Article
LINKED CONTENT This article is linked to Tergast et al papers. To view these articles, visit https://doi.org/10.1111/apt.17066 and https://doi.org/10.1111/apt.17099
 
Changes in HBsAg and HDV‐RNA in a 38‐year‐old woman with chronic hepatitis D treated with PEGIFN alfa‐2a monotherapy. Pretreatment liver biopsy: fibrosis grade 2, lobular activity: 3. HDV, hepatitis D virus; PEGIFN, pegylated interferon alfa.
Article
LINKED CONTENT This article is linked to Jachs et al papers. To view these articles, visit https://doi.org/10.1111/apt.16945 and https://doi.org/10.1111/apt.16115
 
Article
LINKED CONTENT This article is linked to Sohouli et al papers. To view these articles, visit https://doi.org/10.1111/apt.17109
 
Article
LINKED CONTENT This article is linked to Choudhary et al papers. To view these articles, visit https://doi.org/10.1111/apt.17104 and https://doi.org/10.1111/apt.17163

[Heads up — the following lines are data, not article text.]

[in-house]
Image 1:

Article
LINKED CONTENT This article is linked to Tergast et al papers. To view these articles, visit https://doi.org/10.1111/apt.16831 and https://doi.org/10.1111/apt.17157
 
Article
LINKED CONTENT This article is linked to Tergast et al papers. To view these articles, visit https://doi.org/10.1111/apt.17066 and https://doi.org/10.1111/apt.17168
 
Article
LINKED CONTENT This article is linked to Goodoory et al papers. To view these articles, visit https://doi.org/10.1111/apt.17132 and https://doi.org/10.1111/apt.17160
 
Article
LINKED CONTENT This article is linked to Rosiou et al papers. To view these articles, visit https://doi.org/10.1111/apt.17039 and https://doi.org/10.1111/apt.17137
 
Article
LINKED CONTENT This article is linked to Rosiou et al papers. To view these articles, visit https://doi.org/10.1111/apt.17039 and https://doi.org/10.1111/apt.17140
 
Article